Cathy Hotka

Sounds like an ultra-niche market — this may work if Sephora invests the minimum.

Kevin Graff

Subscription models are great. But at some point we have to challenge the reality of same-day, two-hour, one-hour delivery models. The impact on the environment of delivering single items can’t be ignored. There’s so much good research available on the negative impact of same-day delivery. I’m not a “granola cruncher” typically, but watching all the delivery vans/cars racing around these days dropping off single packages makes you wonder what the “emergency” really is.

Gary Sankary

I don’t see this as being a game-changer for Sephora. In my observations, when “beauty emergencies” occur, it’s usually when someone is actually using the product, and typically before an event or as part of the morning ritual. Sephora would need 10-minute delivery windows to really meet the need they’re trying to address here. Most consumers of beauty products, I suspect, are getting by with what they have when the “crisis” happens. Next-day delivery or a trip to the store will meet most of their needs.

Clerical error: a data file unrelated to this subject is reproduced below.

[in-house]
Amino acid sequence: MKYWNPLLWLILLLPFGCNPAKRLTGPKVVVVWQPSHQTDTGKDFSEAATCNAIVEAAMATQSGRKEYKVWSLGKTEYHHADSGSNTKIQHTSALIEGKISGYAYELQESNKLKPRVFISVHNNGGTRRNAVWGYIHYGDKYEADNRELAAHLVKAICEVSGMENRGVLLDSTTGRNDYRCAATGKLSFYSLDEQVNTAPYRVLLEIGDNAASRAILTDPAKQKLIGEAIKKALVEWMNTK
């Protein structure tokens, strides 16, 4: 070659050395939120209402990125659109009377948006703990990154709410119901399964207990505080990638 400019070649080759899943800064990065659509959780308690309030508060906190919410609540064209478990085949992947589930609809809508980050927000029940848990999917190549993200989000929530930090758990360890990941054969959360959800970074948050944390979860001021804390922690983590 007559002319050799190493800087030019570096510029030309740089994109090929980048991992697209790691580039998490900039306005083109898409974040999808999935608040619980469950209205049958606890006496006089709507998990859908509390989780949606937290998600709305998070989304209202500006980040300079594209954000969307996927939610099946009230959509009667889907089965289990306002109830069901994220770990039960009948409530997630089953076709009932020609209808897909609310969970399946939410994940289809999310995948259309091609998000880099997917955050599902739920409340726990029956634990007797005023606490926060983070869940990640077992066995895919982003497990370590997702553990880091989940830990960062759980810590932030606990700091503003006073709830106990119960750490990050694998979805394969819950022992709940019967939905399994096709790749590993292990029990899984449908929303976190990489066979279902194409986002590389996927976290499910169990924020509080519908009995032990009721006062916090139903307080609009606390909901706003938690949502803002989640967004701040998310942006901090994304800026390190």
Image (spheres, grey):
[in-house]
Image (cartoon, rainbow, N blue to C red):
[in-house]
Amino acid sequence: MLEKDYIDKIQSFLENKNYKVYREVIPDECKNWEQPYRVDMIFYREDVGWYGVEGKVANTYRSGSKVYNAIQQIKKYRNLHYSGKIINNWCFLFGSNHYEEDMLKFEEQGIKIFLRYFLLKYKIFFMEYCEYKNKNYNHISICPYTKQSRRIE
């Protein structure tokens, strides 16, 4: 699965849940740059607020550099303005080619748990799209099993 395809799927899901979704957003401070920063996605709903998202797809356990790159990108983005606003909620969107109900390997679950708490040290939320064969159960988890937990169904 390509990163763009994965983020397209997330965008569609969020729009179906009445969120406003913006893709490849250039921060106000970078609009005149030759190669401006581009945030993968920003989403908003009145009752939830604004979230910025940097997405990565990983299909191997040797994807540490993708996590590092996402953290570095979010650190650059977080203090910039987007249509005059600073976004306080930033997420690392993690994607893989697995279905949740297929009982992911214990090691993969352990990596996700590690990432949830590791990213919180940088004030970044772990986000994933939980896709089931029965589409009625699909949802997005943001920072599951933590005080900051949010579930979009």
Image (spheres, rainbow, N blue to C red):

Brandon Rael

Sephora continues to find ways to innovate and drive outstanding customer experiences. Subscription services have proven to be another viable revenue stream. However a same-day delivery subscription service may not be a sustainable or profitable business model. There is an element of subscription service fatigue, and there may not be enough beauty emergencies to make this a viable business model.

Kenneth Leung